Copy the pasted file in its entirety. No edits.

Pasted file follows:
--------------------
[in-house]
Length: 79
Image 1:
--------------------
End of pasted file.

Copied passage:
[in-house]
Length: 79
Image 1: